With RIPIN forecasting that nickel demand will increase exponentially in the coming years and predicting a global demand of 17 million tonnes of processed nickel per year as early as 2025, it is no wonder that Indonesia is going all-in on nickel production, but whether that will leave an island nation that is liveable for its inhabitants or just a mining and industrial wasteland remains to be seen.
EU steel producers: No decarbonisation progress since 2005?
EUROFER, the association of European steel producers, has included a rather exciting map on its website. Various projects that are supposed to contribute to the decarbonisation of the European steel industry can be clicked on and are supposed to conceal with pretty information that nothing has actually happened in the direction of CO2 reduction for decades.
Parade example thyssenkrupp Steel Europe
If you click on the pretty icon with a green background for the H2KM project (thyssenkrupp Steel Europe) in Duisburg, Germany, you will immediately notice a few things.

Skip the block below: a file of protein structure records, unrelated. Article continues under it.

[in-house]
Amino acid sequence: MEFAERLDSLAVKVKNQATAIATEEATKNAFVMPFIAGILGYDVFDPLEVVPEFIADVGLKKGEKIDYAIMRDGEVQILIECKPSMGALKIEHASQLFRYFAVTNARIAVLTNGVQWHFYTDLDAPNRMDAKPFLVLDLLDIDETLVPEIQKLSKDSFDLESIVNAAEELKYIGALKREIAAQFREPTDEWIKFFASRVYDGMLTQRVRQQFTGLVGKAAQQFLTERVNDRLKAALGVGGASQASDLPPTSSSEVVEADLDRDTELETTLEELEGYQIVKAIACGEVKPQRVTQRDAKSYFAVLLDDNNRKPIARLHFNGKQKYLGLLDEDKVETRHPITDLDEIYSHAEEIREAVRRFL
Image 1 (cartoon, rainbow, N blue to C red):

Stepwise sustainable transformation from conventional Blast Furnace / Basic Oxygen Furnace steelmaking to hydrogen-based Direct Reduction Plant / Electric Arc Furnace steelmaking, with view of at least 30% CO2 emissions reduction by 2025 (compared to 2014) and ultimately achieving climate neutrality by 2045.Source: EUROFER
STARTING YEAR: Before 2030
EUROFER: Low-CO2 emissions projects in the EU steel industry
According to the data there, thyssenkrupp wants to reduce CO2 emissions by 30% by 2025 – compared to 2014. Why 2014? thyssenkrupp could also have used its emissions data from 2005. Because according to the German Emissions Trading Authority (DEHSt), which is part of the Federal Environment Agency, nothing has changed at this site since 2005. In 2013, 2015 and 2016, CO2 emissions were even higher than in the average periods from 2005 to 2007 and 2008 to 2012.
EU steel manufacturers unwilling to adapt
Overall, however, a tragedy that relates to the unwillingness of European steel producers to reduce their emissions and meet their responsibilities. Of course, they were happy to take twice the number of emission certificates that thyssenkrupp has in these periods. Based on an allowance price of around 25 euros, this added up to almost 4 billion euros in hidden EU subsidies for thyssenkrupp since 2005.